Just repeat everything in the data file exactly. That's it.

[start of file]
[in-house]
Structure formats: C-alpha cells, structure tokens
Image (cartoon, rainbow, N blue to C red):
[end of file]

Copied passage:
[in-house]
Structure formats: C-alpha cells, structure tokens
Image (cartoon, rainbow, N blue to C red):